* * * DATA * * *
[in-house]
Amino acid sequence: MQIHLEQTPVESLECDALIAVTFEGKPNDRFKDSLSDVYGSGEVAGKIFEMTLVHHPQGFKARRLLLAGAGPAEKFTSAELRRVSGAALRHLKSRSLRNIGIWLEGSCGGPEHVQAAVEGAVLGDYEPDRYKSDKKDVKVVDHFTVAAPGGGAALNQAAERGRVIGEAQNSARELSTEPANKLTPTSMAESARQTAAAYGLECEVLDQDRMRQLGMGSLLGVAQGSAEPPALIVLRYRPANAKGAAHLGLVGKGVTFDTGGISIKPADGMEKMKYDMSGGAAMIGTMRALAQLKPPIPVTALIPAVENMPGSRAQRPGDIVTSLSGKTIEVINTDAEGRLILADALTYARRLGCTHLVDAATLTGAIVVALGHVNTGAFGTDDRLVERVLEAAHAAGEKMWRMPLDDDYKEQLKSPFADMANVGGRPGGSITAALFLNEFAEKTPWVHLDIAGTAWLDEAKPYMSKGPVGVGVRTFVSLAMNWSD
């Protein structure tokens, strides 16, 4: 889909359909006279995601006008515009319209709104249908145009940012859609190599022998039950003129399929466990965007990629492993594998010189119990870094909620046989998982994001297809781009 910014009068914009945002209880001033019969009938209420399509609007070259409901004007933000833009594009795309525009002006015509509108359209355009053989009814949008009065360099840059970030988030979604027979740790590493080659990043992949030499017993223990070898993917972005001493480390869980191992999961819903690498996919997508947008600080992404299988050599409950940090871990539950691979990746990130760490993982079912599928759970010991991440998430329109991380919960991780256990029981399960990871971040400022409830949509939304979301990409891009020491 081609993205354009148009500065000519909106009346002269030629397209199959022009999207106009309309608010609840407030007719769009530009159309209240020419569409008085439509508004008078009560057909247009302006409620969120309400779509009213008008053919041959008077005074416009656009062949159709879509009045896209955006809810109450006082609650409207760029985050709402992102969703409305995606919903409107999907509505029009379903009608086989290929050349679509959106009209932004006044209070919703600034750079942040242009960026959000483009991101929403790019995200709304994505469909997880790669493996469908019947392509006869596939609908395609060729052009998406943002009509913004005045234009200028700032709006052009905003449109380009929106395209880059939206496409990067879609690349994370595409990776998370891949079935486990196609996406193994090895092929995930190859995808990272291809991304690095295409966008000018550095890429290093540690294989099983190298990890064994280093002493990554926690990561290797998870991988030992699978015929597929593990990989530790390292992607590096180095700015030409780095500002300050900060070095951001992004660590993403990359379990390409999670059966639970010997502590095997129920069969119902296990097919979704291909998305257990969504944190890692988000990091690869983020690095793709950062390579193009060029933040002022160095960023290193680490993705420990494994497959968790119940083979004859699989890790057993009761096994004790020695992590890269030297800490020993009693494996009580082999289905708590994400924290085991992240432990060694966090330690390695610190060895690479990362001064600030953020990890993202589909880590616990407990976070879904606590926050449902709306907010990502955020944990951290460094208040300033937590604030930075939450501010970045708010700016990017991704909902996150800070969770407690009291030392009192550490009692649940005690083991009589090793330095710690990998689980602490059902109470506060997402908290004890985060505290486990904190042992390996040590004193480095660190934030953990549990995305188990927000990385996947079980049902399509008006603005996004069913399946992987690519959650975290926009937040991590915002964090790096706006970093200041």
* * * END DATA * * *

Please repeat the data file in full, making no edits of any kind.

[in-house]
Amino acid sequence: MQIHLEQTPVESLECDALIAVTFEGKPNDRFKDSLSDVYGSGEVAGKIFEMTLVHHPQGFKARRLLLAGAGPAEKFTSAELRRVSGAALRHLKSRSLRNIGIWLEGSCGGPEHVQAAVEGAVLGDYEPDRYKSDKKDVKVVDHFTVAAPGGGAALNQAAERGRVIGEAQNSARELSTEPANKLTPTSMAESARQTAAAYGLECEVLDQDRMRQLGMGSLLGVAQGSAEPPALIVLRYRPANAKGAAHLGLVGKGVTFDTGGISIKPADGMEKMKYDMSGGAAMIGTMRALAQLKPPIPVTALIPAVENMPGSRAQRPGDIVTSLSGKTIEVINTDAEGRLILADALTYARRLGCTHLVDAATLTGAIVVALGHVNTGAFGTDDRLVERVLEAAHAAGEKMWRMPLDDDYKEQLKSPFADMANVGGRPGGSITAALFLNEFAEKTPWVHLDIAGTAWLDEAKPYMSKGPVGVGVRTFVSLAMNWSD
């Protein structure tokens, strides 16, 4: 889909359909006279995601006008515009319209709104249908145009940012859609190599022998039950003129399929466990965007990629492993594998010189119990870094909620046989998982994001297809781009 910014009068914009945002209880001033019969009938209420399509609007070259409901004007933000833009594009795309525009002006015509509108359209355009053989009814949008009065360099840059970030988030979604027979740790590493080659990043992949030499017993223990070898993917972005001493480390869980191992999961819903690498996919997508947008600080992404299988050599409950940090871990539950691979990746990130760490993982079912599928759970010991991440998430329109991380919960991780256990029981399960990871971040400022409830949509939304979301990409891009020491 081609993205354009148009500065000519909106009346002269030629397209199959022009999207106009309309608010609840407030007719769009530009159309209240020419569409008085439509508004008078009560057909247009302006409620969120309400779509009213008008053919041959008077005074416009656009062949159709879509009045896209955006809810109450006082609650409207760029985050709402992102969703409305995606919903409107999907509505029009379903009608086989290929050349679509959106009209932004006044209070919703600034750079942040242009960026959000483009991101929403790019995200709304994505469909997880790669493996469908019947392509006869596939609908395609060729052009998406943002009509913004005045234009200028700032709006052009905003449109380009929106395209880059939206496409990067879609690349994370595409990776998370891949079935486990196609996406193994090895092929995930190859995808990272291809991304690095295409966008000018550095890429290093540690294989099983190298990890064994280093002493990554926690990561290797998870991988030992699978015929597929593990990989530790390292992607590096180095700015030409780095500002300050900060070095951001992004660590993403990359379990390409999670059966639970010997502590095997129920069969119902296990097919979704291909998305257990969504944190890692988000990091690869983020690095793709950062390579193009060029933040002022160095960023290193680490993705420990494994497959968790119940083979004859699989890790057993009761096994004790020695992590890269030297800490020993009693494996009580082999289905708590994400924290085991992240432990060694966090330690390695610190060895690479990362001064600030953020990890993202589909880590616990407990976070879904606590926050449902709306907010990502955020944990951290460094208040300033937590604030930075939450501010970045708010700016990017991704909902996150800070969770407690009291030392009192550490009692649940005690083991009589090793330095710690990998689980602490059902109470506060997402908290004890985060505290486990904190042992390996040590004193480095660190934030953990549990995305188990927000990385996947079980049902399509008006603005996004069913399946992987690519959650975290926009937040991590915002964090790096706006970093200041």